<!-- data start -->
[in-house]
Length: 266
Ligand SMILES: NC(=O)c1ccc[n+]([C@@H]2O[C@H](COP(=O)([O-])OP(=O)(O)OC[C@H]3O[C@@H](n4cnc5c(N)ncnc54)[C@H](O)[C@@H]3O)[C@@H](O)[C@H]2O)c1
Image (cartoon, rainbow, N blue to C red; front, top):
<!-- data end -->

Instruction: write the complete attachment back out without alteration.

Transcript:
[in-house]
Length: 266
Ligand SMILES: NC(=O)c1ccc[n+]([C@@H]2O[C@H](COP(=O)([O-])OP(=O)(O)OC[C@H]3O[C@@H](n4cnc5c(N)ncnc54)[C@H](O)[C@@H]3O)[C@@H](O)[C@H]2O)c1
Image (cartoon, rainbow, N blue to C red; front, top):